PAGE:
It was a good day for eBay in a federal court in Louisiana.
Judge Susie Morgan dismissed, without prejudice, a potential class action lawsuit that had filed in July 2014 by Collin Green against eBay over the data breach they had disclosed in 2014. At the time, eBay said it had no evidence that payment card data, which was encrypted, had been accessed or misused. Nor did it have any evidence that any PayPal data had been acquired or misused.
When the lawsuit was reported in the media, I had commented:
From the reporting, it is not clear whether the complaint alleges any actual harm occurred or only potential harm. If the latter, this lawsuit may go the way of most lawsuits that are dismissed.
And that appears to be exactly what happened. Green, who was the only named plaintiff, did not allege any cognizable injury-in-fact. His lawsuit, like so many others before his, basically argued the harm was the risk of future harm, as breach victims have statistically hire likelihood of becoming victims of ID theft. But as many courts before this one have held, without any demonstration that the plaintiff or anyone else had actually suffered any misuse of their data, and without a demonstration of “imminent” risk of injury, the court held that the plaintiff does not have Article III standing, and dismissed the case. The court never reached the third prong of the standing issue – whether the relief sought would alleviate the harm.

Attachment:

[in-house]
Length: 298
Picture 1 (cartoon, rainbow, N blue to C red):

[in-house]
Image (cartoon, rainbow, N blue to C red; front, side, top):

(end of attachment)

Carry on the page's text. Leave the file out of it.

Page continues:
By now, it should be clear that attempts to sue where none of the named plaintiffs have incurred actual unreimbursed injury or can demonstrate truly “imminent” injury will not survive a challenge to standing. When will lawyers move on to another strategy?